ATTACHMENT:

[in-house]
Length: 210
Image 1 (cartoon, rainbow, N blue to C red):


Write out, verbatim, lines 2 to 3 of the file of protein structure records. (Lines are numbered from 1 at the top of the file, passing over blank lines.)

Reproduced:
Length: 210
Image 1 (cartoon, rainbow, N blue to C red):